Mahler's Ressurection Tickets
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Details of Mahler's Ressurection and the Ticket Luck value
Boston Symphony Orchestra presents Gustav Mahler’s Symphony No. 2, featuring conductor Christoph von Dohnanyi, soprano Camilla Tilling and mezzo-soprano Sarah Connolly. Symphony No. 2, popularly known as Resurrection Symphony, is among Mahler’s most successful works that gained significant acclaim during his lifetime. Written somewhere between 1888 and 1894, it is considered to be his first major piece that eventually came to represent his understanding of beauty in resurrection and the afterlife. In this extensive composition, the composer created and explored ‘sounds from a distance’, which in turn played a part in musically creating ‘another world’. These thematic aspects have already been developed in his First Symphony. Mahler’s Resurrection covers a length of nearly ninety minutes and has conventionally been labeled as one in the C minor key. This piece is one of the most celebrated Romantic classical compositions, which explains why Mahler’s Resurrection tickets continue to be such a timeless treat for many.
Gustav Mahler was a late-Romantic period composer who was among the prominent conductors from his generation. His compositions presented a bridge between twentieth century modernism and nineteenth century Austro-German traditions. During his lifetime, Mahler’s authority as a conductor became quite well established and his music gained further recognition after the Nazi era. It was particularly in the years after 1945 that his compositions were discovered as well as championed by a host of new listeners. The maestro gained the status of a frequently recorded and performed composer, and entered the twenty-first century with growing popularity. His dedication to excellence in performance alongside his innovative productions brought him among the greatest opera conductors of all time. In particular, it was his unique interpretation of Mozart and Wagner’s stage works that established his exceptional musical prowess. In the later years of his life, he was appointed as the artistic director at New York Philharmonic and the Metropolitan Opera, also based in New York.
Mahler’s Resurrection requires an orchestral performance featuring a mixed choir, an organ, an offstage ensemble for percussion and brass, and two soloists. What is particularly unusual about it is its use of tam-tams with one pitched low and one pitched high. The symphony was first performed in December 1895 by the Berlin Philharmonic Orchestra with Mahler as conductor, and soloists Hedwig Felden and Josephine von Artner. It received its American premiere in 1908, produced by New York Philharmonic with Mahler conducting himself again. A decade later, the Boston Symphony Orchestra first played the piece, featuring conductor Karl Muck and soloists Merle Alcock and May Peterson. After three decades, the composition debuted as a Tanglewood production of 1948 with conductor Leonard Bernstein alongside soloists Nan Merriman and Ellabelle Davis. The most recent Tanglewood performance was held in 2008 featuring conductor Bernard Haitink, with vocal soloists Christianne Stotijn and Heidi Grant Murphy.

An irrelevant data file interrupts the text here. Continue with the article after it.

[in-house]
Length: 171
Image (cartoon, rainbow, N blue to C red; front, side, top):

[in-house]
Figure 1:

Founded in 1881, Boston Symphony Orchestra is counted among America’s five leading symphony orchestras often called the ‘Big Five’. Based in Boston, Massachusetts, the BSO stages its concerts at Boston’s grand Symphony Hall and the Tanglewood Music Center. Andris Nelsons was recently appointed the BSO’s music director for the 2013-2014 season and is to serve the following season as well. The Orchestra’s current conductor emeritus is Bernard Haitink while its music director laureate is Seiji Ozawa. Over the years, the Orchestra has performed several symphonies by Mahler including his famous Sixth Symphony and Symphony Number Nine. It has also recorded a live performance of Mahler’s Sixth Symphony among its initial recordings from the James Levine era.
German conductor Christoph von Dohnanyi, who is to conduct Mahler’s Resurrection, has an ongoing relationship with the BSO and Tanglewood as their guest conductor. Since retiring from Cleveland Orchestra as the music director, he has appeared as the guest conductor with various symphonies including Chicago Symphony Orchestra, LA Philharmonic, Philadelphia Orchestra and New York Philharmonic Orchestra. The BSO’s upcoming performance of Mahler’s finest symphonies with conductor Dohnanyi, is a concert not to be missed. Make sure to book your Mahler’s Resurrection tickets in time.